AILA Doc No. 03042540 | Dated April 24, 2003
American Immigration Lawyers Association
FOR IMMEDIATE RELEASE
Contact: Judith Golub
April 24, 2003
IS THERE RULE OF LAW IN IMMIGRATION?
AG Decision Also Leads Legal Experts to Question ‘National Security’ Rationale and Authority of the Attorney General
Washington D.C. – The American Immigration Lawyers Association (AILA) strongly criticizes and condemns the Justice Department’s precedent decision that would adversely affect persons of all nationalities seeking bond. “Decisions about whether people seeking asylum should be detained or not should be made on an individual basis, and the decisions of an immigration judge and the Bureau of Immigration Appeals (BIA) should be respected,” said Jeanne Butterfield, Executive Director of AILA.
“Through this broad decision, the Attorney General uses vague and indefinable criteria and essentially attempts to enact law through administrative fiat,” said Ms. Butterfield. “The rule of law sets our nation apart from others. Laws come about through Congress passing a bill that the President signs, not through the unilateral actions of the Attorney General,” continued Ms. Butterfield.
In a recently released decision, U.S. Attorney General John Ashcroft ordered the government to vacate a bond ruling set by the Board of Immigration Appeals. The Attorney General’s decision overrides the decision of both the immigration judge and the Board of Immigration Appeals (BIA), and has serious consequences for all detained undocumented immigrants, not only the individual in whose case the Attorney General intervened. The case involves an 18-year-old Haitian refugee who sought refuge in Florida along with 200 others. Most of these people have been detained since their arrival Oct. 29. In November 2002, an immigration judge found that the Haitian refugee was eligible to be released on bond.
In his decision, Attorney General Ashcroft stated that there is “a national security concern” raised in this case. “Unfortunately, the Attorney General has hijacked the concern we all share about enhancing our national security, and appears to be using national security as a cover for this ill-conceived decision that creates a bad precedent,” said Ms. Butterfield. “This decision does a disservice to our security concerns by wasting precious resources. We need to focus our attention and resources on actions that truly make us safer,” continued Ms. Butterfield.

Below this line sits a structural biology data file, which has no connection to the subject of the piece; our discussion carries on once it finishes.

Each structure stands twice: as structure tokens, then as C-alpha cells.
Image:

Along with concerns about the Attorney General usurping such blanket and broad authority and using the cover of national security concerns, this decision also raises the question as to which federal agency is in charge of immigration: the newly created Department of Homeland Security or the Department of Justice? “This decision raises grave concerns about whether one federal agency is in charge of immigration,” said Ms. Butterfield, “and which agency that would be. Effective, efficient, and fair immigration policy that helps make us safer needs to have a clear source of authority. This decision makes it difficult to determine who is in charge of our immigration policy,” continued Ms. Butterfield. “Why did the Department of Homeland Security ask the Attorney General to issue this decision? Furthermore, does the Attorney General even have the authority to issue such a decision,” questioned Ms. Butterfield.
“We are a nation of immigrants and a nation of laws. Sadly, this decision calls into question how we make our laws and how we must develop and implement policies and laws that truly make us safer. This decision also follows many actions taken by the Administration that have made immigrants feel besieged and have not enhanced our security,” concluded Ms. Butterfield.
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Founded in 1946, AILA is a nonpartisan, nonprofit organization that provides its Members with continuing legal education, information, and professional services. AILA advocates before Congress and the Administration and provides liaison with the INS and other government agencies. AILA is an Affiliated Organization of the American Bar Association.
American Immigration Lawyers Association
918 F Street NW, Washington, DC, 20009
Phone (202) 216-2400; Fax (202) 783-7853
Cite as AILA InfoNet Doc. No. 03042540.